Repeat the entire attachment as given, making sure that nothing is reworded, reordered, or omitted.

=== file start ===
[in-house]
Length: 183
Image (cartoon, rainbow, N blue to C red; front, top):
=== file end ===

[in-house]
Length: 183
Image (cartoon, rainbow, N blue to C red; front, top):